Socastee Historic District

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Socastee Historic District
Socastee map.jpg
Map: Courtesy of South Carolina Department of Archives and History
Socastee Historic District is located in South Carolina
Socastee Historic District
Location SC 544, 0.5 mi. N of Indtracoastal Waterway, Socastee, South Carolina
Coordinates 33°59′11″N 78°59′57″W / 33.98639°N 78.99917°W / 33.98639; -78.99917Coordinates: 33°59′11″N 78°59′57″W / 33.98639°N 78.99917°W / 33.98639; -78.99917
Area 4 acres (1.6 ha)
Built 1881
Architect Prince, Robert M., Sr.; Tidewater Construction Corporation
Architectural style Massed-plan side gabled
Governing body Private
NRHP Reference # 02000558[1]
Added to NRHP May 22, 2002

The Socastee Historic District, located on the Intracoastal Waterway in Socastee, South Carolina, was added to the National Register of Historic Places in 2002.[1][2]

It includes three contributing buildings, one contributing site, and one contributing structure. They are a metal swing bridge, two houses, one store and a pecan grove. It is one of the few remaining intact local examples of post-Civil War development.[3][4]

Samuel S. Sarvis House[edit]

Samuel S. Sarvis house

Samuel Sarvis built his house in 1881, shortly before he was to be married.


Thomas B. Cooper House[edit]

Thomas B. Cooper house

The Thomas B. Cooper house was built for Mr. Cooper by Robert M. Prince, Jr. in 1908. The exterior has recently been renovated.

Thomas B. Cooper Store[edit]

Thomas B. Cooper store

The store was built in 1905 and closed in 1932.


Swing Bridge[edit]

Socastee swing bridge

The Socastee swing bridge was opened 1936. It is 217 feet (66 m) long and 24 feet (7.3 m) feet wide. Originally, the bridge had to be turned by hand. The gatekeeper worked from the house at the top of the bridge. The first operator of the bridge boarded at the Thomas B. Cooper house.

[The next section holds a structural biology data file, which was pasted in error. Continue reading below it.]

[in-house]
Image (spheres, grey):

Watch a video of Socastee swing bridge.


From the time of its construction, the Socastee turn bridge was the only means other than ferry to cross the Intra Coastal waterway. Located on Hwy 544, it was to be closed after approval of a new bridge to be built on south of the Socastee bridge. Though the new bridge solved many traffic problems during the tourist season, it did not help the locals and it would have created many problems for Socastee residents that need to access Forestbrook Rd., which is located approximately 0.2 miles on the right off Hwy 544 west of the Socastee turn bridge. Additionally Peach Tree Rd. was located just 0.1 miles to the left. Thus the Socastee turn bridge not only has historic value, but it is still used in daily commuting.

Pecan Grove[edit]

Pecan grove

Old pecan grove near the Thomas B. Cooper store.


Early Residents[edit]

Samuel S. Sarvis (1843 - 1931)[edit]

Samuel S. Sarvis was a confederate veteran and served with the SC 26th Infantry. He was a merchant, store owner and a business partner with Dusenbury & Sarvis. Mr. Sarvis was appointed the postmaster of Socastee in 1896. The post office was in his store which was the norm for small towns in that era.


Thomas B. Cooper (1863 - 1928)[edit]

Thomas B. Cooper grave Socastee UMC Cemetery

Thomas B. Cooper was the Socastee postmaster in 1908.


References[edit]

  1. ^ a b "National Register Information System". National Register of Historic Places. National Park Service. 2009-03-13. 
  2. ^ Harvey, Bruce G. (June 14, 1999). "Socastee Historic District". National Register of Historic Places - Nomination and Inventory. Retrieved 21 July 2012. 
  3. ^ "South Carolina Department of Archives and History". National Register Properties in South Carolina:Socastee Historic District, Horry County (S.C. Hwy. 544, ½ mile N. of Intracoastal Waterway, Socastee), including five photos. South Carolina Department of Archives and History. 2010-06-21. 
  4. ^ Bruce G. Harvey (June 1999). "National Register of Historic Places Registration: Socastee Historic District". South Carolina Department of Archives and History. Retrieved 2010-06-21. 

External links[edit]